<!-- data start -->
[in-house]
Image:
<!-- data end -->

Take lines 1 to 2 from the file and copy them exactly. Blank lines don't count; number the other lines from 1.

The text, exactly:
[in-house]
Image: